## PHY 410: Quantum Field Theory I

3 credits | Prerequisites: PHY 307

### Course rationale

Quantum Field Theory (QFT) is the framework where Quantum Mechanics and the Theory of Relativity have been reconciled. This is the description of the microscopic world. The merge of Electrodynamics and QFT begets Quantum Electrodynamics (QED). It can be said that QED is one of the most successful theories. In this first course of QFT, the focus will be on QED and its application to some elementary processes.

### Course content

Review of Classical Field Theory: the field viewpoint, Lagrangian and Hamiltonian description of classical field theory, concept of symmetry, Noether theorem, conserved current; The Klein-Gordon Field: review of notation of special relativity, Klein-Gordon field as harmonic oscillator, Klein-Gordon field in spacetime, canonical quantization, causality and propagators; The Dirac Field: Poincare algebra, Lorentz invariance of Dirac equation, free particle solution of Dirac equation, Dirac matrices, Grassmann numbers, canonical quantization, spin, Dirac, Weyl and Majorana spinors, discrete symmetries: parity, time-reversal, charge conjugation, CPT theorem; Maxwell Field: unitary representation of Poincare group, electromagnetism as gauge theory, gauge covariant derivatives, photon propagator, different gauges; Interacting Fields and Feynman Diagrams: perturbation theory, perturbation expansion of correlation functions, Wick’s theorem, Feynman diagram, Cross Section and S-matrix, quantum electrodynamics, LSZ reduction formula; Elementary Processes of Quantum Electrodynamics: electron-electron to muon-muon scattering, helicity structure, crossing symmetry, nonrelativistic limit; Radiative Corrections: infrared divergences, regularization, Ward-Takahashi Identity, optical theorem.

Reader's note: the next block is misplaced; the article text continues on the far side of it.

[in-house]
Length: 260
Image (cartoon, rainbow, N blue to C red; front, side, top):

### Course objectives

1. Understand various concepts related to quantum mechanics and relativity.
2. Use second quantization to quantize quantum fields.
3. Understand the concept of spin.
4. Familiarize with anti-commutating Gassmann numbers and fields.
5. Familiarize with perturbation theory and Feynman diagrams.
6. Calculate different quantities for elementary processes using appropriate Feynman diagrams.
7. Understand the divergences coming from loop integrals and the necessity for renormalization.

### References

1. An Introduction to Quantum Field Theory (3rd edition) by Michael E. Peskin, Daniel V. Schroeder
2. Quantum Field Theory and the Standard Model (1st edition) by Matthew D. Schwartz
3. The Quantum theory of fields. Vol. 1: Foundations by Steven Weinberg
4. Quantum Field Theory (2nd edition) by Lewis H. Ryder
5. Quantum Field Theory by Ulrich M. Srednicki